Must Love Dogs: A Relationship Plan
These are the sentiments clients often express in my office when trying to explain why their marriage is ending.
Sadly, these words—love, trust, respect, and many other relationship words—are rarely defined and are often a moving target. These words mean different things to different people. It’s no wonder that a husband or wife might not measure up to a definition that is rarely defined and is often difficult to articulate.
Different Definitions, Different Paths
Consider someone telling you, “You can’t sing.” It’s very likely that you really can sing; virtually everyone can sing. It’s clear the accuser has a specific definition of “sing” in mind, and, in his opinion, you don’t measure up. The ongoing conversation often turns into a barrage of, “Yes, I can sing” and “No, you can’t sing.” Rarely is there a pause to understand what “sing” means to each other.
I have found that when clients are struggling to let each other go, a useful clarity develops when they can separate loving each other versus loving the marriage. My article, “But I Still Love Him,” offers insights about how often people cling to the marriage because they are scared of change or loss, not because the spouse’s qualities bring great things to the relationship.
Relying On Love-At-First-Sight Is Risky
The notion of what qualities you want in a partner is the key to relationship success. Sometimes the qualities that seemed endearing during your courtship are annoying now. Some of my clients remember the spontaneity and adventure that sparked their romance. Now that’s viewed as a negative, wishing instead for the other to grow up and take responsibility. It is natural for individuals to change priorities as life’s challenges emerge. The key to long relationships is finding ways to change together.
What I have learned is that individuals have rarely given thought to what qualities they want in a partner. Short of completing the profile on Match.com or other online dating sites, very few people take the time to accurately describe what they are looking for in a partner.
I have invited many clients over the years to consider the following exercise. Most are not only intrigued, but grateful. Here’s what I suggest.
Qualities of a Desirable Partner
1. Over a period of 2-3 weeks, jot down the qualities that you might want in a partner.
The list must have at least 30 qualities. You want to get past the usual loving, respectful, trusting, kind sort of qualities and dig deeper to learn what really matters.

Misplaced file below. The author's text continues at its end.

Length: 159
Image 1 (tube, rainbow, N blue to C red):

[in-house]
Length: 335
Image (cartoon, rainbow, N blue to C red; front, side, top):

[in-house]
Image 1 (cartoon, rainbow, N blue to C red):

2. When you’re driving in the car, exercising, or doing the dishes, words like “sense of humor,” “energetic,” or “healthy” will emerge.
Jot them down.
3. Keep your list positive.
For instance, replace the quality “not selfish” with a word like “generous.”
4. Do not think of your current partner, and do not share this with your partner.
This is your heart’s yearning, your magic wand; any quality you choose is acceptable.
Define What the Qualities Mean to You
5. Once you have a list (and the longer, the better), the next step is to define what the qualities mean to you.
Again, this may take a couple of weeks. Take your time. This is an essential step. Write three or four sentences about what each quality means to you. For example:
- The quality: Sense of humor. That might mean: I think the morning comics are very funny. I laugh out loud every morning when I read them.
- The quality: Energetic. That might mean: I get up early (what’s “early” to you?) every day and just keep going all day with gusto and without complaining.
6. Review the qualities and find the top four or five that are not negotiable.
I imagine that every person has all of the qualities on your list at some level. However, they likely do not define them the same way as you do. Or their preference for its strength or definition or order is different from what is important to you. Remember: Everyone can sing, but it matters what your definition of “sing” is.
Consider sense of humor. Your idea is laughing at the morning comics. Your current partner’s idea is teasing other people. You both have a sense of humor; you each define it differently.
7. It is likely that your spouse has all the qualities (in one way or another) that you listed.
But the ones you have as non-negotiable are not his/her strong suit. They have good and fine qualities, but not the ones you need to sustain an adult relationship.
Now You Have a Relationship Roadmap
What you have developed is a roadmap that will guide you through life regarding the notion of partnership. It is not intended to be a criticism of a specific person. It is your private guidebook about what is important to you.
My Relationship Roadmap Experiences
I have actually done this exercise several times. Of course, the order and even your definition of the qualities does change over time. My list when I was married at age 21 would have looked quite different than it does now.
For example, I will share with you what my current number 2 non-negotiable quality is. I cannot and will not live with a partner who does not love, embrace, adore, and want to have dogs. Yes, that’s right. I might love someone, trust and respect that person. But if they do not share my love and passion for dogs, I will not partner with them because that is essential to me.
There is an expression: “Any road will work if you don’t know where you are going.” On the relationship road, you need to know how to read the signs and understand what they mean for your journey. Only then can you change roads when needed or return to journeying together.
Photo Credit: ©Can Stock Photo